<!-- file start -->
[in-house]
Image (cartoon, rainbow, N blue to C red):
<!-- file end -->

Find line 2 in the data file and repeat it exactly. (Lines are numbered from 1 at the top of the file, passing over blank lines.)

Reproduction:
Image (cartoon, rainbow, N blue to C red):